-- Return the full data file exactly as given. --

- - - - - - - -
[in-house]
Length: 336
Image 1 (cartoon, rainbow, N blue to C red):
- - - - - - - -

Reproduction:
[in-house]
Length: 336
Image 1 (cartoon, rainbow, N blue to C red):